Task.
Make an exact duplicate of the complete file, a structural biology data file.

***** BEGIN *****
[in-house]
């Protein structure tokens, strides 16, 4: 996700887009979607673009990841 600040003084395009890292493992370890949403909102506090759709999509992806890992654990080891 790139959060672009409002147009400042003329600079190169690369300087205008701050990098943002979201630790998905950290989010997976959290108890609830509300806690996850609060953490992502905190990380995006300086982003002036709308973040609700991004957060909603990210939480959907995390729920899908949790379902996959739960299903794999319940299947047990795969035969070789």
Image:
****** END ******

[in-house]
């Protein structure tokens, strides 16, 4: 996700887009979607673009990841 600040003084395009890292493992370890949403909102506090759709999509992806890992654990080891 790139959060672009409002147009400042003329600079190169690369300087205008701050990098943002979201630790998905950290989010997976959290108890609830509300806690996850609060953490992502905190990380995006300086982003002036709308973040609700991004957060909603990210939480959907995390729920899908949790379902996959739960299903794999319940299947047990795969035969070789």
Image: